For a reliable diagnosis of hypertension, around-the-clock monitoring for 7 days or longer has been advocated. As part of a larger study in India, 32 subjects had their blood pressure and heart rate measured manually every 3 h for 7 days. As expected, spectral peaks corresponded to circadian variation. The about half-weekly component was statistically significant. Separate analyses of the data collected during consecutive days indicated that large day-to-day changes may, in part, have been accounted for by adaptation to the measurements. The results corroborate the view that, if reliable values are to be obtained, serial measurements for at least 7 days are needed.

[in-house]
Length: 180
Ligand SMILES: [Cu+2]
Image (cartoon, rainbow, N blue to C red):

|Original language||English (US)|
|Number of pages||4|
|Journal||Scripta Medica Facultatis Medicae Universitatis Brunensis Masarykianae|
|State||Published - Jan 1 2002|
- Blood pressure
- Circasemiseptan rhythm
- Heart rate